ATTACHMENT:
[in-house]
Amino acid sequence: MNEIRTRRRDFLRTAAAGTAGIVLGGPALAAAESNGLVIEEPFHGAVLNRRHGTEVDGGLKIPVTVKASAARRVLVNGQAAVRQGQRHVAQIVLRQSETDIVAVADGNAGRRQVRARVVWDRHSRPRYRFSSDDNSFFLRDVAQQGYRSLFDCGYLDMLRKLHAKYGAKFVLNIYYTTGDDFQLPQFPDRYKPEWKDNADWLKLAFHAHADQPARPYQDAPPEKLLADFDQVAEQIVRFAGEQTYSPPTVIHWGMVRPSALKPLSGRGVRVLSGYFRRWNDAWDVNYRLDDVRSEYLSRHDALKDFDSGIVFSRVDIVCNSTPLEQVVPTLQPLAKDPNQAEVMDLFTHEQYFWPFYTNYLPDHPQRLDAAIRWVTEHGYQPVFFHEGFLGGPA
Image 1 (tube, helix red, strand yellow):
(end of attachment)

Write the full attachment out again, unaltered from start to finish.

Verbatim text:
[in-house]
Amino acid sequence: MNEIRTRRRDFLRTAAAGTAGIVLGGPALAAAESNGLVIEEPFHGAVLNRRHGTEVDGGLKIPVTVKASAARRVLVNGQAAVRQGQRHVAQIVLRQSETDIVAVADGNAGRRQVRARVVWDRHSRPRYRFSSDDNSFFLRDVAQQGYRSLFDCGYLDMLRKLHAKYGAKFVLNIYYTTGDDFQLPQFPDRYKPEWKDNADWLKLAFHAHADQPARPYQDAPPEKLLADFDQVAEQIVRFAGEQTYSPPTVIHWGMVRPSALKPLSGRGVRVLSGYFRRWNDAWDVNYRLDDVRSEYLSRHDALKDFDSGIVFSRVDIVCNSTPLEQVVPTLQPLAKDPNQAEVMDLFTHEQYFWPFYTNYLPDHPQRLDAAIRWVTEHGYQPVFFHEGFLGGPA
Image 1 (tube, helix red, strand yellow):